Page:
It’s more than just the commentary about her image and media-flamed rumors that get to her. Mentally, she’s in competition with herself. The desire to be the best burns at the back of her mind with every performance, every production, and every time she steps into the booth. Before, she could share the weight of this burden with her sister. Being a part of a duo meant she could turn to Halle for quiet confirmation and encouragement without a word being exchanged. But lately stepping on the stage means stepping out on her own. And despite being a breathtaking, five-time Grammy-nominated star, Chlöe doesn’t escape the reality that sometimes we can be our own worst critics.

Over the last year, she’s been coming to terms with who she is on her own while overcoming the fear of failing to become who she’s destined to be. While the world waits to see how Chlöe wins, the real triumph is in every day that she chooses herself and continues to walk in her purpose. “I don't really have anything all figured out, honestly. But what I try to do, a lot of prayer. I talk to God more and I just try to do things that calm my mind down and just breathe.”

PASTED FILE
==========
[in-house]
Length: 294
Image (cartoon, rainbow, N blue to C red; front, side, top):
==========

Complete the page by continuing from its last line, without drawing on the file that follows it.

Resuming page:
To whom much is given, much will be required. She’s been chosen to walk this path for a reason. Once she fully embraces that everything she’s meant to be is already inside of her, she’ll be an unstoppable force. “My grandma, Elizabeth, she just passed away and my middle name is her [first] name. So I feel like I truly have a responsibility to live up to her legacy that she's left on this earth. I hope I can do that.”

There’s no doubt that she will. With a role in The Fighting Temptations at three years old, a million-dollar record deal, a main role on five seasons of Grown-ish, five Grammy nominations, a number one solo record in Urban and Rhythmic Radio, a debut solo album, and starring roles in recently released movies Praise Thisand Swarm (just to name a few), Chlöe’s certainly already made her mark, and she’s just getting started.

No flex.

Credits

Photographer & Creative Director: Derek Blanks

Executive Producer: Necole Kane

Co-Executive Producer: EJ Jamele

Producer: Erica Turnbull

Digitech: Chris Keller

DP: Alex Nikishin

Gaffer: Simeon Mihaylov

Photo Assistant: Chris Paschal

2nd Photo Assistant: Tyler Umprey

Features Editor: Kiah McBride

Special Projects: Tyeal Howell

Hair: Malcolm Marquez

Makeup: Yolonda Frederick

Fashion Styling: Ashley Sean Thomas